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ERIC Number: ED271806
Record Type: RIE
Publication Date: 1985-Apr-4
Pages: 43
Abstractor: N/A
Reference Count: 0
ISBN: N/A
ISSN: N/A
The High School Department Head: Powerful or Powerless in Guiding Change?
Hord, Shirley M.; Murphy, Sheila C.
This report, one of four studies on roles of participants in high school change, presents data about activities of department heads in 30 schools throughout the nation. The report analyzes background research on the subject as well as popular perceptions, perceptions of teachers and administrators, and perceptions of department heads themselves concerning this particular teaching role. The finding is that, despite the general view that department heads occupy a "driver's seat" position, the most appropriate characterization is inconsistency in the way the role is operationalized across organizational structures and personnel. A variety of department head behaviors are gathered from personal interviews and organized into six roles: communicator, coordinator manager, emerging assister, teacher improver, program improver, and evaluating administrator. Five functions of these roles are described in personal activity accounts by individual department heads. Department heads often operate within parameters that are difficult to define, do not receive adequate fiscal remuneration, and are not offered sufficient inservice training, all of which influence the nature of the six roles they may assume. The study concludes with a discussion of relationships with other department heads, district office, principal, and department teachers. Further research on the department head is needed because the role is a viable one for facilitating the change process. (CJH)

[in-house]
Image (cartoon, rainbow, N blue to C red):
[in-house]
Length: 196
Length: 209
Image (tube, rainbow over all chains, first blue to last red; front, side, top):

Publication Type: Speeches/Meeting Papers; Reports - Research
Education Level: N/A
Audience: Researchers; Practitioners
Language: English
Sponsor: National Inst. of Education (ED), Washington, DC.
Authoring Institution: Texas Univ., Austin. Research and Development Center for Teacher Education.
Note: In: Symposium 56.11 of the Annual Meeting of the American Educational Research Association (Chicago, IL, March 31-April 4, 1985); see EA 018 229.